Further, aperturing, embossing tools of this non-woven fabric can be used for enhancing further the base fabric using the principles of this invention. For example, (i) wash and remove Indigo/Sulphur from the selected areas on the fabric and generate various patterns, logos, etc on face side of fabric (ii) Emboss the patterns and generate different look, touch and feel of the fabric (iii) offer pre-washed fabric wherein one can vary the level of wash, uniformity of wash and also generate virtual optics during wash. This can be achieved through proper selection of jet pressures, throughput rates, and different embossing sleeves. If the need be, fabric can be apertured in different patterns using different aperturing sleeves.

However, one can take any fabric, define a function, get right fiber and/or additives hydro-entangle the composites together using right combination of parameters. In the apparel textiles, upholstery, towels and wipes, conventional textile process doesn't need much changes implying easy to get through. We can use all types of staple fibers manmade, natural, etc. Also, one can use powders/very small fibers like wood pulp, paper pulp, etc and find out new applications. This is a 100% hygienic process since it uses water in the form of high pressure jets to bond the composites. Accordingly, products are hygienic.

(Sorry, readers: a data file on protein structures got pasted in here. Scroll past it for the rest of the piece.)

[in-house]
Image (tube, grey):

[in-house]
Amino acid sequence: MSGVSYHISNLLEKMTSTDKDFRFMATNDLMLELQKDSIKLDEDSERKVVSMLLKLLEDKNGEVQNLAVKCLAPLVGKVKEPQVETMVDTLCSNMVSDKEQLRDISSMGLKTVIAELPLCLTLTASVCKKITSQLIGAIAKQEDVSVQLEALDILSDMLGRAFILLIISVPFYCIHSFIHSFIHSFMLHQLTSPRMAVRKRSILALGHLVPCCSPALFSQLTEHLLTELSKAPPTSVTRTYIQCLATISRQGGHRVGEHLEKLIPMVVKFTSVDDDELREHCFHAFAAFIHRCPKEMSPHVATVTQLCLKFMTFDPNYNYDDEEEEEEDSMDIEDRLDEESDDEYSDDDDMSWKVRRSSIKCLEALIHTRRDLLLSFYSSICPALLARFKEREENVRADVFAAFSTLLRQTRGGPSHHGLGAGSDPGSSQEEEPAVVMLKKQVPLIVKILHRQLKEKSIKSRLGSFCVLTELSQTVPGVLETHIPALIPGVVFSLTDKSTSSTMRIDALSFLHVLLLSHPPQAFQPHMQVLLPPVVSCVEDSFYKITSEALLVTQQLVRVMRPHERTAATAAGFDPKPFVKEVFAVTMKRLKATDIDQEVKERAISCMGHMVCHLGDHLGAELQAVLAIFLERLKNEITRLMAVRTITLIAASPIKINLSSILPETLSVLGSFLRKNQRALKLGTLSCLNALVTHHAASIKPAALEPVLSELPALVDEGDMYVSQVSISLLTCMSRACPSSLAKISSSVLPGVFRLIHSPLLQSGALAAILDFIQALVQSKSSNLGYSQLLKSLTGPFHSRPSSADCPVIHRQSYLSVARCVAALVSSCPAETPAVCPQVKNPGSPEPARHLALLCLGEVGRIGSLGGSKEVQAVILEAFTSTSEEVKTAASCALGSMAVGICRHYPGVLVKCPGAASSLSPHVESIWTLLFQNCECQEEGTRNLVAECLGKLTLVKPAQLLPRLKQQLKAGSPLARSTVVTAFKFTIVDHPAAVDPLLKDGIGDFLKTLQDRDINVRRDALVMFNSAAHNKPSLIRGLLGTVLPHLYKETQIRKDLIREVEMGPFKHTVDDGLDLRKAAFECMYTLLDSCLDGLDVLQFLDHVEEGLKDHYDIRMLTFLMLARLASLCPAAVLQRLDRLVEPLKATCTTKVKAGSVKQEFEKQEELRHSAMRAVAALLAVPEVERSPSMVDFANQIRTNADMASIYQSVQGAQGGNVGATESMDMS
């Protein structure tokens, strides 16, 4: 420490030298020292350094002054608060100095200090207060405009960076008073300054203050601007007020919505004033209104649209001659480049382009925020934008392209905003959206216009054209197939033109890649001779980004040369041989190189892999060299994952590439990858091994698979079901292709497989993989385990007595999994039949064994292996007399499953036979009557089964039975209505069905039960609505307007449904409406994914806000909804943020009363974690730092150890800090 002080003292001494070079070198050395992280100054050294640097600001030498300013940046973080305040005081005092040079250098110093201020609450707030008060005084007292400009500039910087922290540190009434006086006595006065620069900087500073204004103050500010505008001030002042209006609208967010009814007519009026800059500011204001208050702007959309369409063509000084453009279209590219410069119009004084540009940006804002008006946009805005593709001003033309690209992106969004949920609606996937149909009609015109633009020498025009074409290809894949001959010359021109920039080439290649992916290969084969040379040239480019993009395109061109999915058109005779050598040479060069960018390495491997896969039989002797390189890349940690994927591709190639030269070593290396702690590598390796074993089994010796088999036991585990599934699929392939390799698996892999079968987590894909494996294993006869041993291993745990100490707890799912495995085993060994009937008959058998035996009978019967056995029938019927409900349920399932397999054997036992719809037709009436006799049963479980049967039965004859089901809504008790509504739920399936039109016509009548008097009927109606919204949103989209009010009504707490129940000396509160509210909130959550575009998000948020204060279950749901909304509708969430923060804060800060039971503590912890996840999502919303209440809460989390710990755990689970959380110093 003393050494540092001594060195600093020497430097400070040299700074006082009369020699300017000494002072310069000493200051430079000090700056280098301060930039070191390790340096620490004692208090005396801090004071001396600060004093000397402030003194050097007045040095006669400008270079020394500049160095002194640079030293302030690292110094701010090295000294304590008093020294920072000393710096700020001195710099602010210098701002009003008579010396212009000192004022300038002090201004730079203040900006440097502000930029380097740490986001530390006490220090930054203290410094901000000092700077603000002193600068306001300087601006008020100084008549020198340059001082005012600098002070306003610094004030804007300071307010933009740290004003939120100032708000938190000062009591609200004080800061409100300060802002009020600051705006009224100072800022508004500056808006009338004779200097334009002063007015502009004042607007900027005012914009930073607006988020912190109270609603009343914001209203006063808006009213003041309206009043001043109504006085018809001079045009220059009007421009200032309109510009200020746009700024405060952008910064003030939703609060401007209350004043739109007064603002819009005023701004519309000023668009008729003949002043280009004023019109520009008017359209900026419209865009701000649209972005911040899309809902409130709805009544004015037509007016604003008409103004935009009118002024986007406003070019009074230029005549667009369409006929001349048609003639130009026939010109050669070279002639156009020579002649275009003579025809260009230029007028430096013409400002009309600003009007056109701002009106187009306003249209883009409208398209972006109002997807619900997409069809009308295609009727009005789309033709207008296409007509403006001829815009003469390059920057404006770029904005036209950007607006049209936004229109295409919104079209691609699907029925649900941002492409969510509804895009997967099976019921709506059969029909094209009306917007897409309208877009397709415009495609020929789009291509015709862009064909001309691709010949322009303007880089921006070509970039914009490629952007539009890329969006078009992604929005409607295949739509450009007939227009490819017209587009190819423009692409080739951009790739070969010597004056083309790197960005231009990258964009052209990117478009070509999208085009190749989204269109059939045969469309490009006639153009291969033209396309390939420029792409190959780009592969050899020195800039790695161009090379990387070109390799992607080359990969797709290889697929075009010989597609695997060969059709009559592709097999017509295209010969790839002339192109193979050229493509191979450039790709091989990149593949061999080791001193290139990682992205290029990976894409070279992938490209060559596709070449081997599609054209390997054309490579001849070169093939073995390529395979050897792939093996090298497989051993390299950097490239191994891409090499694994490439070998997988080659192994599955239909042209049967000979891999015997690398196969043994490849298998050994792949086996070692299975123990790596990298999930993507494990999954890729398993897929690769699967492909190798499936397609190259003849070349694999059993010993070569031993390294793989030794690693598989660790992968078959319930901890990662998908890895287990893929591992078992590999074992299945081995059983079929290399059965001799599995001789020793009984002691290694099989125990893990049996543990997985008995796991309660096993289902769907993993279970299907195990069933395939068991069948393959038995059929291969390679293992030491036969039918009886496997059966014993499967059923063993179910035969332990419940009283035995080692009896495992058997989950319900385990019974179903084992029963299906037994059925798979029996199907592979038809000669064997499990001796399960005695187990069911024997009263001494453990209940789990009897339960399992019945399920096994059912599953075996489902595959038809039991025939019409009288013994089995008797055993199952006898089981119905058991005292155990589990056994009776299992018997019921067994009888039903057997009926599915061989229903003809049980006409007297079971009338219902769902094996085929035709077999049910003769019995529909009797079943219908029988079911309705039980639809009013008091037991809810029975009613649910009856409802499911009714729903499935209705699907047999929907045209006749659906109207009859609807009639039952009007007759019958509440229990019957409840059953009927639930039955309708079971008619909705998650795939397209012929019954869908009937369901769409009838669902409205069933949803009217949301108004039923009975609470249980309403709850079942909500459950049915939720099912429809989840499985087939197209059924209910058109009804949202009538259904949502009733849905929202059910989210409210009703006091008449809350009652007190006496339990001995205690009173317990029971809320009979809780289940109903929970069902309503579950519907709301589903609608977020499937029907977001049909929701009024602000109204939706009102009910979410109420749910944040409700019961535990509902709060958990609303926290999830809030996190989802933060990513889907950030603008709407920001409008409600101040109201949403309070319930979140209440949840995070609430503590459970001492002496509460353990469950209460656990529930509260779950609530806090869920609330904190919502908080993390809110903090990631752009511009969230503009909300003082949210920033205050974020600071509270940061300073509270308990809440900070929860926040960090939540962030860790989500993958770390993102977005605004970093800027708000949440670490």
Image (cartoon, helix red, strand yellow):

The fear of pilling or poor abrasion resistance or peeling off of layers does not exist, as there is no 100% non-woven fabric. Fibers from the web (110) are pushed through and are entrapped into yarn structure of the base fabric (1). Also, the right combination of web GSM, Fiber type, web geometry, hydro-entanglement energy levels, entanglement time and number of passes will result into trouble free composite fabric (5).

Various applications of the composite fabric includes durable stain and water repellent fabric using film/membrane and staple fibers, work wear and protective wears, long life chemical finishes using plasma activation technology, semi durable and durable goods.

Thus, various specific embodiments of this invention provide a method and a system for treating a fabric. Further embodiments of this invention provide a method for manufacturing a composite fabric and a composite fabric thereof.

Various modifications of this invention are possible. However, it will be recognized by those skilled in the art that all such modifications have been deemed to be covered by this invention and are within the spirit and scope of the claims appended hereto.